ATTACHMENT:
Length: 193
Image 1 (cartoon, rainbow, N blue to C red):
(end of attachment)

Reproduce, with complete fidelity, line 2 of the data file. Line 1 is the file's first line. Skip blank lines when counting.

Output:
Image 1 (cartoon, rainbow, N blue to C red):